KABUL, Afghanistan - President Mohammad Khatami, paying the first visit to
Afghanistan by an Iranian head of state in 40 years, accused the United States
on Tuesday of pursuing an "angry approach" to foreign policy since the attacks
of Sept. 11.
Khatami, speaking at a press conference with U.S.-backed Afghan President
Hamid Karzai, promised to help rebuild this country and said the only justification
for any foreign presence in Afghanistan was to bring peace after nearly a generation
"The American administration has a misunderstanding about their own power
and their own interests," Khatami said. "Since Sept. 11, this administration has
taken an angry approach to foreign policy."
Khatami did not offer specific examples, nor did he cite U.S. threats to force
the ouster of Iraqi President Saddam Hussein, with whom Iran fought a long war
in the 1980s.
"No doubt attacking one state in the world affects other states," Khatami
said. "Today, we know that aggression brings aggression and to believe that you
can make people submit by force is wrong. We know it actually brings anger and
"Those with power have more responsibility to bring peace in the world," Khatami
added. "No country should use the fight against terrorism to force their views
on other countries."
Karzai, whose government depends heavily on the United States for its very
survival, was careful to avoid taking sides. "We are grateful to Iran for accepting
our refugees and we thank America for their help in fighting the terrorists, for
help in establishing the transitional government," Karzai said.
Khatami was welcomed at Kabul airport by Karzai, who rode with his Iranian
guest to the presidential palace under heavy American and Iranian security. The
two leaders were accompanied by Herat warlord Ismail Khan, whose close ties to
Iran have worried both Karzai and his American backers.
"We are hopeful for a brighter future for Afghanistan," Khatami said in a
speech to the Afghan people shortly after arriving at the palace. "I have warm
gratitude and special respect for you, dear people of Afghanistan."
During his press conference, Khatami said Iran has offered 2,000 university
scholarships to Afghan students and that 6,000 Afghans had expressed an interest
in studying there. Khatami said efforts were under way to boost trade between
the two countries and that Iran hoped to rebuild the rail link between Herat and
the Iranian border.
"The international community should accept responsibility to help the government
to start rebuilding and bring stability to this country," Khatami said.
Last week the Iranian parliament approved $500 million in reconstruction aid
for war-shattered Afghanistan. Iran also recently handed over 16 suspected al-Qaida
fighters to Saudi Arabia at that country's request.
Khatami's entourage also included Iranian police officials who planned discussions
on how to stem opium production and trafficking in Afghanistan.
By the late 1990s, Afghanistan had become by far the world's largest producer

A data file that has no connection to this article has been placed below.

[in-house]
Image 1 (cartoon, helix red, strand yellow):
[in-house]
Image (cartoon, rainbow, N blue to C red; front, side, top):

of opium, the raw material of heroin. In 2000, the Taliban government imposed
an effective ban on opium production but the U.S.-led overthrow of the former
government has spurred the planting and harvesting of opium poppies again in the
The Iranian news agency said the visit was the first to Afghanistan by an
Iranian head of state since 1962, when Shah Mohammad Reza Pahlavi visited Kabul
in a failed attempt to mediate a dispute between Afghanistan and Pakistan.
The high-level visit and the promise of aid underscore Iran's interest in
reaching out to neighboring Afghanistan, which shares close ties of language,
Islamic faith and culture, at a time when this country's government is heavily
dependent on the United States.
Iran was not on good terms with the Taliban when they ruled Afghanistan and
sheltered hundreds of thousands of refugees. The Iranians publicly endorsed the
U.S.-led fight against the Taliban and al-Qaida and cooperated with the United
States in trying to limit the spread of narcotics from Afghanistan.
Still, Iran remains one of the countries President Bush has identified as
belonging to the "axis of evil" that threatens global stability. Earlier this
year, the United States criticized alleged Iranian interference in Afghan affairs
and accused Tehran of trying to undermine the Karzai government.
"We have no intention of interfering in this country," Khatami said. "No country
should interfere in this country because the people of Afghanistan would never
U.S. intelligence officials have also complained that Iran has allowed some
senior al-Qaida officials shelter or safe passage. Iranian officials have expressed
concerns about the United States having too much influence over the new government
Nevertheless, Iranian and American security agents rode together in the convoy
that accompanied Khatami from the airport to the palace. Armed Americans stood
watch on rooftops overlooking the route.
Copyright 2002 The Associated Press